He tell her that he loves her and now, its her turn to bitch-slap him and walk away. Aww, the poor sod is all heart-broken and decides to follow the chick all the way to New Zealand, in the hopes of scoring with her. But he realizes that the chick has agreed to marry some other loser named Raj, who wears atrocious shirts that look like something a cat dragged in, pooped on it and dry-humped your neighbor’s barbie doll on. So, our hero (or rather, the loser-who-plays-the-actor-who-plays-the-lead-role) decides to be generous and let her be taken by his nemesis.

And, just when he seems to settle down in his head, resigned to his fate of returning home to live with his insanely liberal mother (who, it seemed, would appreciate the beauty and charisma in anything from a sordid threesome to a full-blown monkey orgy) and marry some girl that she’s chosen for him, fate delivers the knock-out punch – his flight gets delayed and he realizes that he’s not in a Bollywood movie but rather in Paulo Coelho’s Alchemist, interpreting each and every coincident as a ‘sign’ from the ‘ooparwala’.

He runs back to the chick, tells her he loves her, and this time, amazingly, she says yes. Apparently, by this time, she has realized her mistake – she did not want to spend the rest of her life smelling of cat poop.

They hug, they kiss, the movie ends and the audience pukes.

There you have it – fresh from Karan Johar’s box of unbecoming movie ideas that he cooked up while getting drunk with four hot guys from Canberra who took turns in showing him exactly how handsome he is. Well, serves him right. Inox and PVR theaters all over the country are smelling of vomit and they have decided to shut down for a day to clean up the mess, under the pretext of the Bharat Bundh today.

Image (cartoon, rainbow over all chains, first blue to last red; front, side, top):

My rating: Minus 34.5 / 10

*Crapowesome: A word that I invented while writing this post. This means an awesome amount of crap filled into a very small space, to the point of overflowing. It’s an adjective.

Matrix Relocated!

There were two pills – a blue one and a red pill. “Take one,” he said, and adjusted his black sunglasses. I couldn’t fathom why he was wearing dark sunglasses inside the already dimly-lit room. He couldn’t see a thing.

“Er, I’m over here pal,” I said, hiding an amused smile.

He turned towards me and used his free hand to raise his glasses. He stuck them over his forehead, looked at me through his blue contact lenses and said, “Don’t keep moving about, dude.”

“But I – “

“Don’t interrupt me!” he said, interrupting me. “Take a pill.”

“Why? What are these pills?” I asked, slightly angered with his tone.

“You are the Round One. We’ve been waiting for you for well over a decade. You will save us from the evil machine creatures that haunt us. One of these pills will enable you to see the truth and help us, and the other will enable you to go back to your boring PR life and your boring blogs and your boring PR life. You decide.”

“You said that already, man,” I said.

“What?”

“My boring PR life…”

“Yeah. I know. Now decide!” he said and held out his hand, on which nestled two innocent pills – one red and blue.

“Tell me something first,” I said. “Why am I the Round One? Is it because I’m fat? Why can’t I be the Chosen One or something cooler?”

“Stop wasting time, Round One! Take a pill and save our lives!” he pleaded.

I took the red pill and swallowed it with a glass of water. I waited. Nothing happened. I looked at him. “Now what?” I asked him.

“You bastard,” he said softly. “You’ve decided to go back to your PR life, Round One. You have damned us all.”

As I woke up, back in my boring life the next day, I decided to reduce some weight. Round One? WTF!